Skip to main content

Manufacturing Clean Energy Blog

Manufacturing Clean Energy is the official blog of the Clean Energy Manufacturing Analysis Center (CEMAC). It features insights from CEMAC staff, partners, and guests. To contribute to Manufacturing Clean Energy.

When Comparing Costs of Automotive Lithium-Ion Batteries, Know the Context

May 30, 2020

By Emma Elgqvist, CEMAC Analyst

A photo shows several electric vehicles parked in a parking garage.

When comparing the costs of lithium-ion batteries for electric vehicles, understanding the context is crucial. In the latest CEMAC blog, analyst Emma Elgqvist compares modeled and market prices for Li-ion batteries and observes that market factors—not manufacturing costs—are currently influencing pricing decisions. It's all based on a recent factsheet develop for the Department of Energy.

Read more.


SiC-based Motor Drives: Manufacturing the Next Generation of Industrial Energy Savings

April 12, 2020

By Kelsey Horowitz, Timothy Remo, and Samantha Reese, CEMAC Analysts

A silicon-carbide wafer reflects light in a rainbow of colors.

Silicon-carbide power electronics aren't just the next generation of energy savings in industrial motors and motor drives. They're a great, high-tech manufacturing opportunity. But where will this opportunity materialize? In this blog, CEMAC analysts break down the most competitive regions for silicon-carbide manufacturing, as presented in our latest report. And they look to the future, exploring the potential impacts of new innovations in silicon-carbide power electronics.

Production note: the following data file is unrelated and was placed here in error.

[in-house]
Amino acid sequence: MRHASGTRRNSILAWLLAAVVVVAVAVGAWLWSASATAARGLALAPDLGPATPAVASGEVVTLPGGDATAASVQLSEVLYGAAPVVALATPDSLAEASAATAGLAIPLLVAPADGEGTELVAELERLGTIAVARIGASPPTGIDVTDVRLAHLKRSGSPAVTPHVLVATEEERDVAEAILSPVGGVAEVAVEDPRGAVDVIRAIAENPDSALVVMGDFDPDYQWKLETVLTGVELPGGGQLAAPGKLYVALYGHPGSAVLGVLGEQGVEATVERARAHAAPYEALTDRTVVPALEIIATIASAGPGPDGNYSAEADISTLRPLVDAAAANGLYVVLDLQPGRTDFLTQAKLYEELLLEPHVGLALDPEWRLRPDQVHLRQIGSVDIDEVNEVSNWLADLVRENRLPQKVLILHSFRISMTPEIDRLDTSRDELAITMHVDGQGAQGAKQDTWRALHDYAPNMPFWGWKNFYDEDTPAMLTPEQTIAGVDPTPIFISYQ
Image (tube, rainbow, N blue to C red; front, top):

Read more.


Currency Fluctuations and Trade

February 23, 2020

By David Keyser, CEMAC Analyst

Chart showing the U.S. balance of trade increasing and China generally decreases.

We hear about currency fluctuations and its possible impact on trade in the business news frequently.

Economic theory indicates that prices and consumption are linked. When prices are low, people usually buy more of a desired good than when prices are high. Part of a price includes the value of the currency with which it is purchased. For example, if the U.S. dollar is less expensive relative to the currency of the trading partner, that partner can use less of their money to purchase goods or services from the United States. Conversely, if the dollar is more expensive they must use more of their currency. (There are many articles published about this topic, including How the Dollar Impacts Commodity Prices.)

Read more.


Photovoltaics Made in the USA

March 27, 2020

by Sadie Fulton, CEMAC analyst

A map of solar manufacturing capacity in the United States reveals major manufacturing clusters in the Northwest and Great Lakes regions.

The American solar photovoltaic market is dynamic and rapidly growing. In 2016, the U.S. solar industry installed 14.8 gigawatts (GW) of solar, a 97% increase over the capacity installed in 2015. Solar's growth trajectory and increasing market share continue to excite electricity producers and consumers alike. Yet, despite this success, PV manufacturing is not an industry for the faint of heart.

Read more.


Wind Turbines Made in the USA

April 18, 2020

By Parthiv Kurup and Timothy Remo, CEMAC Analysts

A map of utility-scale wind component manufacturing in the United States show majors concentrations of facilities in the Great Lakes and Midwest regions, with a few other clusters e.g. in Colorado and Texas.